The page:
Seasonal Tips

Summer Ideas 2024

1. Summer is a fun time for frolicking in the woods, but it’s important to teach children how to recognize poison ivy. Remember the saying, “Leaves of three, let it be?” Poison ivy has three leaflets at the end of a long stem and grows as a shrub or vine. This plant produces an oil called urushiol, which can cause an itchy red rash with blisters within a few hours or a few days of contact. If you think your child has been exposed to poison ivy, remove any clothing that has touched the plant, wash skin with soap and water, and encourage your child not to scratch. Please call Promise Pediatrics if your child develops any type of rash.

2. With the hot days of summer come sports and outdoor activities, but kids are often so busy having fun in the sun that they forget to rehydrate. Heightened activity combined with higher temperatures leads to more sweating and an increased need to replace lost fluids. Encourage your children to carry a refillable water bottle and drink throughout the day. Offer beverages at every meal and between meals, and provide hydrating foods like watermelon, cucumbers, and cantaloupe. Limit sugary drinks and caffeinated beverages which can contribute to dehydration. And don’t forget to drink plenty of fluids yourself!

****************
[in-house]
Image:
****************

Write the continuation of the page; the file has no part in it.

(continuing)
3. Children lack the ability to regulate their body temperature in the same way as adults. Extreme heat, especially a heat index at or above 90 degrees, can cause dehydration, heat exhaustion, heat cramps, and heat stroke, which is a medical emergency. When outside, encourage your children to drink frequently, dress lightly, cool off with water, and plan for extra rest time. Watch for signs of heat illness including extreme tiredness, feeling faint, headache, fever, nausea, vomiting, or muscle aches. If your child develops any of these symptoms, please call Promise Pediatrics.

4. Time to talk about sunscreen safety! According to studies, people use far less sunscreen than they should. For children over 6 months of age, a good rule of thumb is to use about an ounce per application. Reapply every two hours, and after swimming or lots of sweating. Don’t forget the most frequently missed spots – your ears, hands, and back of your neck. Remember your lips too – use a chapstick or lip balm with an SPF of 15 or greater. There are also more options for SPF clothing than ever before, especially great for babies under six months. On behalf of all of us at Promise Pediatrics, we wish your family a safe and healthy summer!